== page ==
Twenty studies (n=2,930) were included. The tables listed one randomised controlled trial (RCT; n=71), one case-control study (n=28), 17 prospective cohort studies (n=2542), and one prospective descriptive study (n=289). However, the text stated that no RCTs were included.
Most of the studies (17 out of 20) were graded A for quality. Three studies reported insufficient information to ascertain the risk of bias. However, the results of these 3 studies were consistent with the overall findings of the other 17 studies. Compliance with treatment was reported in 17 of the 20 studies.
Prevalence of aspirin resistance and characteristics of aspirin-resistant patients.
Overall, 28% of patients were classified as aspirin resistant (810 out of 2,930). Resistance was more prevalent in women (p<0.01) (n approximately 1,460) and in patients with renal impairment (p<0.03) (2 studies, n=268).
Aspirin-resistant patients were at a significantly higher risk of any cerebrovascular event (20 studies, n=2,930; OR 3.85, 95% CI: 3.08, 4.80, p<0.001), death (4 studies, n=728; OR 5.99, 95% CI: 2.28, 15.72, p<0.003), acute coronary syndrome (9 studies, n=1,275; OR 4.06, 95% CI: 2.96, 5.56, p<0.001), failure in vascular intervention (3 studies, n=420; OR 4.35, 95% CI: 2.26, 8.37, p<0.001) and new cerebrovascular event (4 studies, n=340; OR 3.78, 95% CI: 1.25, 11.41, p<0.02).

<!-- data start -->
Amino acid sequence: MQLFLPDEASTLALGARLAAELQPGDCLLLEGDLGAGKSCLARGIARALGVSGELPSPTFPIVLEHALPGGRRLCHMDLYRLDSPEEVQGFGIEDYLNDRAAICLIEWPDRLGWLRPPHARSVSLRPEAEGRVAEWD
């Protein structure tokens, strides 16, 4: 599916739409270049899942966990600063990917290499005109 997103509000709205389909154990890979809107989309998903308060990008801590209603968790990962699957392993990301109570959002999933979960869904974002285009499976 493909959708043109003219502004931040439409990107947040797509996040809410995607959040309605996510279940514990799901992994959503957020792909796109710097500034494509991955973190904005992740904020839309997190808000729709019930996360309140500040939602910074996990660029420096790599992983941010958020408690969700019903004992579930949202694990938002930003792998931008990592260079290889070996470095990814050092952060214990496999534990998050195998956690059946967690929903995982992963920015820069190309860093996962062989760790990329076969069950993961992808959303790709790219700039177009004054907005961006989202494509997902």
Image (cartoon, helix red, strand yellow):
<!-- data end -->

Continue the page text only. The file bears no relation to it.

There was significant statistical heterogeneity associated with the outcome ‘any cerebrovascular event’ (I-squared 68.3%, p<0.001). Most of the heterogeneity (I-squared 50.3%) derived from the 8 studies that used the whole blood platelet function analyser, which defined 33% of patients as aspirin resistant, in contrast to the 7 studies that used the rich plasma aggregation assay, which defined 16% of patients as aspirin resistant and had relatively higher odds of a cerebrovascular event in this group (OR 3.85, 95% CI: 2.5, 5.88, p<0.001). There were insufficient data to assess the degree to which other platelet assays contributed to heterogeneity. Significant heterogeneity was also found for the analysis of acute coronary syndrome (I-squared 58.6%, no p-value reported).
There was no evidence of a dose-response relationship between aspirin resistance and any cardiovascular outcome, with or without secondary antiplatelet treatment.
Concomitant antiplatelet therapy.
Concomitant therapy with clopidogrel or tirofiban provided no benefit to patients identified as aspirin resistant. There was significant statistical heterogeneity associated with this analysis (I-squared 70.6%, p=0.004).
There was modest evidence of publication bias, with an absence of small studies that reported on a negative or no relation between aspirin resistance and adverse clinical outcomes.